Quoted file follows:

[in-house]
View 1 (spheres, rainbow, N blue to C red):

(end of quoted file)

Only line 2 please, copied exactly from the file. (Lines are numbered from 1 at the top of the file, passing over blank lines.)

View 1 (spheres, rainbow, N blue to C red):